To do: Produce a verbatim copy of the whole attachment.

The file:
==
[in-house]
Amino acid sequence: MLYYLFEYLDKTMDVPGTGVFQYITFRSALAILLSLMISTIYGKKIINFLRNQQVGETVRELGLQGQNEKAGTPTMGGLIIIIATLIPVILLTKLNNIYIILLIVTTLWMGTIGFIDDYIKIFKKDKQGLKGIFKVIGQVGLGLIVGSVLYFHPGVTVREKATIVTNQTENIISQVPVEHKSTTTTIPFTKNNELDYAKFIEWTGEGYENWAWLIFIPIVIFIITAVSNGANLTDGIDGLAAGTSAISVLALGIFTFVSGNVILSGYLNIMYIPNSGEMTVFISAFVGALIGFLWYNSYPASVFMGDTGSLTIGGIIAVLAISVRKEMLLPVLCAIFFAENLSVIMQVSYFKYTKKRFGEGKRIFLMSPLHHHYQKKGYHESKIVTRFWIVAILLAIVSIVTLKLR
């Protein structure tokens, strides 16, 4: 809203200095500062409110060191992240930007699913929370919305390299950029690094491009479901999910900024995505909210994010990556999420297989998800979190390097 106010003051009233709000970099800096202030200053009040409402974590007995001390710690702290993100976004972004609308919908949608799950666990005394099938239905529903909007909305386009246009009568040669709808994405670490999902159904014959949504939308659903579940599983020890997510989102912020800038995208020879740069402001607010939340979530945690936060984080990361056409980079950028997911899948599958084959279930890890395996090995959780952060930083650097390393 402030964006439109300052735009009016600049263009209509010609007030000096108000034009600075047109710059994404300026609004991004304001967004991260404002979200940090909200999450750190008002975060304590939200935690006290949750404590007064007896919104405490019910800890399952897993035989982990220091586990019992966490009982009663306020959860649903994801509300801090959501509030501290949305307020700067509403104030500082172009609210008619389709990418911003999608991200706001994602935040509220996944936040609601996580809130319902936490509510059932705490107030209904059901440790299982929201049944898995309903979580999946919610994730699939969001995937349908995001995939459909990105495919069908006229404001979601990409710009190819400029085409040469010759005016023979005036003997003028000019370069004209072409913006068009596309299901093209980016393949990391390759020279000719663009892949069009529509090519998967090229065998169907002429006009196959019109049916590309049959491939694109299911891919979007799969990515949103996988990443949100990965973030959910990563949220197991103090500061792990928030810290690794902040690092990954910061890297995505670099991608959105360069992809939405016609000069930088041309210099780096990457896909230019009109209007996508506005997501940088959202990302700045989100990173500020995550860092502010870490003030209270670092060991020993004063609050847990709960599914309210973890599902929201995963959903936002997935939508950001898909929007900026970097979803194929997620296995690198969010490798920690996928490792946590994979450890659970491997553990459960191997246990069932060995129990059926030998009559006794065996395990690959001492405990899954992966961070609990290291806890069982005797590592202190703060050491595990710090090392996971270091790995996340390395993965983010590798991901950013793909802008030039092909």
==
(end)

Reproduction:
[in-house]
Amino acid sequence: MLYYLFEYLDKTMDVPGTGVFQYITFRSALAILLSLMISTIYGKKIINFLRNQQVGETVRELGLQGQNEKAGTPTMGGLIIIIATLIPVILLTKLNNIYIILLIVTTLWMGTIGFIDDYIKIFKKDKQGLKGIFKVIGQVGLGLIVGSVLYFHPGVTVREKATIVTNQTENIISQVPVEHKSTTTTIPFTKNNELDYAKFIEWTGEGYENWAWLIFIPIVIFIITAVSNGANLTDGIDGLAAGTSAISVLALGIFTFVSGNVILSGYLNIMYIPNSGEMTVFISAFVGALIGFLWYNSYPASVFMGDTGSLTIGGIIAVLAISVRKEMLLPVLCAIFFAENLSVIMQVSYFKYTKKRFGEGKRIFLMSPLHHHYQKKGYHESKIVTRFWIVAILLAIVSIVTLKLR
């Protein structure tokens, strides 16, 4: 809203200095500062409110060191992240930007699913929370919305390299950029690094491009479901999910900024995505909210994010990556999420297989998800979190390097 106010003051009233709000970099800096202030200053009040409402974590007995001390710690702290993100976004972004609308919908949608799950666990005394099938239905529903909007909305386009246009009568040669709808994405670490999902159904014959949504939308659903579940599983020890997510989102912020800038995208020879740069402001607010939340979530945690936060984080990361056409980079950028997911899948599958084959279930890890395996090995959780952060930083650097390393 402030964006439109300052735009009016600049263009209509010609007030000096108000034009600075047109710059994404300026609004991004304001967004991260404002979200940090909200999450750190008002975060304590939200935690006290949750404590007064007896919104405490019910800890399952897993035989982990220091586990019992966490009982009663306020959860649903994801509300801090959501509030501290949305307020700067509403104030500082172009609210008619389709990418911003999608991200706001994602935040509220996944936040609601996580809130319902936490509510059932705490107030209904059901440790299982929201049944898995309903979580999946919610994730699939969001995937349908995001995939459909990105495919069908006229404001979601990409710009190819400029085409040469010759005016023979005036003997003028000019370069004209072409913006068009596309299901093209980016393949990391390759020279000719663009892949069009529509090519998967090229065998169907002429006009196959019109049916590309049959491939694109299911891919979007799969990515949103996988990443949100990965973030959910990563949220197991103090500061792990928030810290690794902040690092990954910061890297995505670099991608959105360069992809939405016609000069930088041309210099780096990457896909230019009109209007996508506005997501940088959202990302700045989100990173500020995550860092502010870490003030209270670092060991020993004063609050847990709960599914309210973890599902929201995963959903936002997935939508950001898909929007900026970097979803194929997620296995690198969010490798920690996928490792946590994979450890659970491997553990459960191997246990069932060995129990059926030998009559006794065996395990690959001492405990899954992966961070609990290291806890069982005797590592202190703060050491595990710090090392996971270091790995996340390395993965983010590798991901950013793909802008030039092909």